Perhaps you’ve heard that millennials have become the largest generation in the workplace, surpassing gen X this year, according to Pew Research. To accommodate this new group of workers and leaders, employers have had to evolve their practices around productivity and engagement.
On a larger scale, the number of young people in the workforce is also affecting cities. Densely populated urban areas can be hotbeds of innovation that drive the global economy if they can properly channel the energies and intelligence of their millennial populations.
As large cities are predicted to grow by 28% by 2030, 100 million more youth will be added to their populations, according to a recent report commissioned by the Citi Foundation from the Economist Intelligence Unit (EIU). The study aimed to find out the difference between the perception and reality that this “youth bulge” will have on cities. On the one hand, the additional population taps a world in which resources are already scarce; on the other, such a deep pool of talent can contribute to a better future.
To do this, the EIU polled over 5,000 people between the ages of 18-25 in 35 global cities during February and March of this year. Cities ranged from Casablanca to Chicago, Lagos, Lima, Istanbul, and Shanghai. Among the respondents, 63% were 22 to 25 years old, 52% were women, and half live in households that earn less than the city median income, while the other half have incomes above this level. Just under half (45%) say they’ve completed undergraduate studies, 62% are working, and 33% are both working and studying.
The result of this global research initiative shows how these cities in all parts of the world are supporting young people’s economic ambitions.
And it’s not always a pretty picture. According to the resulting Accelerating Pathways report, while young people surveyed remain optimistic about the future and favor an entrepreneurial mind-set, they are struggling to get jobs. Current global unemployment levels for millennials are roughly 3.4 times higher than for other segments of the population. The millennials surveyed also said they are having trouble getting access to technology, pay equity, and support networks.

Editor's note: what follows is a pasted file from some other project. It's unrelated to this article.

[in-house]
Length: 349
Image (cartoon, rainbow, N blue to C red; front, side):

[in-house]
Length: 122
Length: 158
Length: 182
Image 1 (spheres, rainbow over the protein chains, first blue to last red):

One global theme that emerged was how many youth still need financial support. Over three-quarters (77%) still live with parents or relatives, and more than half (57%) receive money from their families every month. Perhaps that is why many of the respondents said that the stability of a position drives the reason for the work they do. That doesn’t mean they don’t want to strike out on their own. The majority (77%) dream of working for themselves or starting their own business.
As the survey’s authors noted, aspiring to the freedom brought by self-employment while still living with or being supported by family is an age-old contradiction. They found that in Asia or Latin America, these align with cultural norms, but the spread to North American cities where this historically hasn’t been the case are a strong indicator for municipal leaders to find ways to support this growing segment of their constituents. “Young people may respond positively to policies or programs that foster a mind-set of measured risk for personal or global growth, while laying the groundwork for long-term stability,” the authors found.
The researchers went on to rank the 35 cities based on their policies and environments for young people. They scored them based on 31 indicators that contribute to young people’s economic prospects–from the city’s GDP growth and local government policy to levels of youth engagement, education, employment, and health.